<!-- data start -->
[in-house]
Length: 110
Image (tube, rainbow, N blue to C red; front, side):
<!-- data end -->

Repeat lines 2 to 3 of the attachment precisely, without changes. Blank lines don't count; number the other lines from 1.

Length: 110
Image (tube, rainbow, N blue to C red; front, side):